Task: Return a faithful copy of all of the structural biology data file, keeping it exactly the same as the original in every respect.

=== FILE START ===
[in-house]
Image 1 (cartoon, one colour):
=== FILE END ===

[in-house]
Image 1 (cartoon, one colour):